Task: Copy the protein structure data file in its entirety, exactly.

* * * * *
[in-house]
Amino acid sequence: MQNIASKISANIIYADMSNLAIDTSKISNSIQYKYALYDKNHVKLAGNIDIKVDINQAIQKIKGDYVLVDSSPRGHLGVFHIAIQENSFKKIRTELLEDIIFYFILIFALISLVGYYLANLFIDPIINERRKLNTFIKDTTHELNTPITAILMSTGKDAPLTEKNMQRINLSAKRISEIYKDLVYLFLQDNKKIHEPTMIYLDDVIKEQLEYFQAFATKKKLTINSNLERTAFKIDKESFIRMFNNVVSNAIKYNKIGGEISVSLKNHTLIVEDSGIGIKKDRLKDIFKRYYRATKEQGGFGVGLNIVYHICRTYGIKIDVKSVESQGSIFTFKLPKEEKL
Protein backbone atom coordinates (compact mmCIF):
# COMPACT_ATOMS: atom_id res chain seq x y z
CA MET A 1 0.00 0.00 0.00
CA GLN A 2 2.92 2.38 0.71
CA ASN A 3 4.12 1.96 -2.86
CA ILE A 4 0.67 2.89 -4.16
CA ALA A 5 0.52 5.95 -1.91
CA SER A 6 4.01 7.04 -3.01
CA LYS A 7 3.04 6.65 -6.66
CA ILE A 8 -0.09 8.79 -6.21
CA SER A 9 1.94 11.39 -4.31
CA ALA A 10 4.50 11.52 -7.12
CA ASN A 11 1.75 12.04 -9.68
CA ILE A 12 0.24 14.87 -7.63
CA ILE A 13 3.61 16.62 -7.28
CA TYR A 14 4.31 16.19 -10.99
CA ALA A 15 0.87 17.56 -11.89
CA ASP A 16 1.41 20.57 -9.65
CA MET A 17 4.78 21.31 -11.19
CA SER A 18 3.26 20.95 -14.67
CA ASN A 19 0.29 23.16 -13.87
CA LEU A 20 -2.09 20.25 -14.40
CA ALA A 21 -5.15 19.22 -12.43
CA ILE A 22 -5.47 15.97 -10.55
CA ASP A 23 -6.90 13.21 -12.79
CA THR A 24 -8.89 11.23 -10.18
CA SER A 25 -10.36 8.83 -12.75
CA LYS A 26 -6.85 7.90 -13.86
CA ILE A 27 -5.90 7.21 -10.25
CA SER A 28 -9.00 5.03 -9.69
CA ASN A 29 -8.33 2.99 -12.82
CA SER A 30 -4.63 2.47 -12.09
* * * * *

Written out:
[in-house]
Amino acid sequence: MQNIASKISANIIYADMSNLAIDTSKISNSIQYKYALYDKNHVKLAGNIDIKVDINQAIQKIKGDYVLVDSSPRGHLGVFHIAIQENSFKKIRTELLEDIIFYFILIFALISLVGYYLANLFIDPIINERRKLNTFIKDTTHELNTPITAILMSTGKDAPLTEKNMQRINLSAKRISEIYKDLVYLFLQDNKKIHEPTMIYLDDVIKEQLEYFQAFATKKKLTINSNLERTAFKIDKESFIRMFNNVVSNAIKYNKIGGEISVSLKNHTLIVEDSGIGIKKDRLKDIFKRYYRATKEQGGFGVGLNIVYHICRTYGIKIDVKSVESQGSIFTFKLPKEEKL
Protein backbone atom coordinates (compact mmCIF):
# COMPACT_ATOMS: atom_id res chain seq x y z
CA MET A 1 0.00 0.00 0.00
CA GLN A 2 2.92 2.38 0.71
CA ASN A 3 4.12 1.96 -2.86
CA ILE A 4 0.67 2.89 -4.16
CA ALA A 5 0.52 5.95 -1.91
CA SER A 6 4.01 7.04 -3.01
CA LYS A 7 3.04 6.65 -6.66
CA ILE A 8 -0.09 8.79 -6.21
CA SER A 9 1.94 11.39 -4.31
CA ALA A 10 4.50 11.52 -7.12
CA ASN A 11 1.75 12.04 -9.68
CA ILE A 12 0.24 14.87 -7.63
CA ILE A 13 3.61 16.62 -7.28
CA TYR A 14 4.31 16.19 -10.99
CA ALA A 15 0.87 17.56 -11.89
CA ASP A 16 1.41 20.57 -9.65
CA MET A 17 4.78 21.31 -11.19
CA SER A 18 3.26 20.95 -14.67
CA ASN A 19 0.29 23.16 -13.87
CA LEU A 20 -2.09 20.25 -14.40
CA ALA A 21 -5.15 19.22 -12.43
CA ILE A 22 -5.47 15.97 -10.55
CA ASP A 23 -6.90 13.21 -12.79
CA THR A 24 -8.89 11.23 -10.18
CA SER A 25 -10.36 8.83 -12.75
CA LYS A 26 -6.85 7.90 -13.86
CA ILE A 27 -5.90 7.21 -10.25
CA SER A 28 -9.00 5.03 -9.69
CA ASN A 29 -8.33 2.99 -12.82
CA SER A 30 -4.63 2.47 -12.09